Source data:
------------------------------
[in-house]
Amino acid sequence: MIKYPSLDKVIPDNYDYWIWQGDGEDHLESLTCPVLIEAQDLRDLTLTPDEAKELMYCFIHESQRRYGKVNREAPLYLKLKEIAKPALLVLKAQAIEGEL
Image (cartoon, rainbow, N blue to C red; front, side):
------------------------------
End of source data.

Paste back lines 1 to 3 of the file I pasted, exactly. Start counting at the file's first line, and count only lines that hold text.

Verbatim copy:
[in-house]
Amino acid sequence: MIKYPSLDKVIPDNYDYWIWQGDGEDHLESLTCPVLIEAQDLRDLTLTPDEAKELMYCFIHESQRRYGKVNREAPLYLKLKEIAKPALLVLKAQAIEGEL
Image (cartoon, rainbow, N blue to C red; front, side):